A bubbly cosmic celebration
In the brightest region of the nebula RCW 34, gas is heated and expands through the surrounding cooler gas. Once the heated hydrogen reaches the borders of the gas cloud, it bursts outwards into the vacuum like the contents of an uncorked champagne bottle—this process is referred to as champagne flow. But the young RCW 34 has more to offer; there seem to have been multiple episodes of star formation within the same cloud.
This new image from ESO's Very Large Telescope (VLT) in Chile shows a spectacular red cloud of glowing hydrogen gas behind a collection of blue foreground stars. Within RCW 34—located in the southern constellation of Vela—a group of massive young stars hide in the brightest region of the cloud. These stars have a dramatic effect on the nebula. Gas exposed to strong ultraviolet radiation—as occurs in the heart of this nebula—becomesionised, meaning that the electrons have escaped the hydrogen atoms.
Hydrogen is treasured by cosmic photographers because it glows brightly in the characteristic red colour that distinguishes many nebulae and allows them to create beautiful images with bizarre shapes. It is also the raw material of dramatic phenomena such as champagne flow. But ionised hydrogen also has an important astronomical role: it is an indicator of star-forming regions. Stars are born from collapsing gas clouds and therefore abundant in regions with copious amounts of gas, like RCW 34. This makes the nebula particularly interesting to astronomers studying stellar birth and evolution.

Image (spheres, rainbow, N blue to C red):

Vast amounts of dust within the nebula block the view of the inner workings of the stellar nursery deeply embedded in these clouds. RCW 34 is characterised by extremely high extinction, meaning that almost all of the visible light from this region is absorbed before it reaches Earth. Despite hiding away from direct view, astronomers can use infrared telescopes, to peer through the dust and study the nest of embedded stars.
Looking behind the red colour reveals that there are a lot of young stars in this region with masses only a fraction of that of the Sun. These seem to clump around older, more massive stars at the centre, while only a few are distributed in the outskirts. This distribution has led astronomers to believe that there have been different episodes of star formation within the cloud. Three gigantic stars formed in the first event that then triggered the formation of the less massive stars in their vicinity.
This image uses data from the FOcal Reducer and low dispersion Spectrograph (FORS) instrument attached to the VLT, which were acquired as part of the ESO Cosmic Gems programme.